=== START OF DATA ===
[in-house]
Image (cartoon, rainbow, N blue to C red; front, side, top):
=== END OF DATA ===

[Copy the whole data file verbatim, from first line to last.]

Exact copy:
[in-house]
Image (cartoon, rainbow, N blue to C red; front, side, top):